When they’re not trying to make ends meet, many airlines are doing their bit to help the world in these challenging times.
Air Canada is no exception: while Qantas and Virgin Australia led the way with status extensions (and now, repatriating Aussie citizens who find themselves in the wrong state), and while Emirates becomes the first airline to conduct on-site rapid COVID-19 tests, Air Canada recently gutted three of their Boeing 777 jets to make more space for critical medical cargo and vital supplies.
Announcing the decision on Instagram on Sunday, the Canadian carrier wrote: “We’re transforming three of our #B777-300ERs to transport goods in the cabin. By removing 422 seats, we’re doubling the cargo capacity to help fly critical medical and vital supplies to and across Canada.”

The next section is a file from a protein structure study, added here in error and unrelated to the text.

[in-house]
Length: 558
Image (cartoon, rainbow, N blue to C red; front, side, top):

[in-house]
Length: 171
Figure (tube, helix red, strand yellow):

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We’re transforming three of our #B777-300ERs to transport goods in the cabin. By removing 422 seats, we’re doubling the cargo capacity to help fly critical medical and vital supplies to and across Canada. . . Nous transformons trois de nos appareils 777-300ER pour y charger des envois en cabine. En retirant 422 sièges passagers, nous pouvons doubler leur capacité de fret et aider au transport aérien de fournitures médicales et essentielles à destination de tout le territoire canadien.
This received mostly positive feedback (“bravo,” “amazing” etc.) as well as a few cheeky quips: “How about when you do put the seats back in coach, you only put 9 abreast instead of 10?”).
The general sentiment, however, is well summed up in the following comment: “Wow. A crazy unimaginable sight but *applause emojis*.”
Canada currently has 29,919 confirmed cases of the virus, sitting well behind the US (672,931), but substantially above Australia (6,507). Worldwide, meanwhile, there have been 2,151,199 confirmed cases at the time of writing with 541,051 recoveries and 143,725 deaths.
Let’s hope the positive actions by companies in a position to make them continue.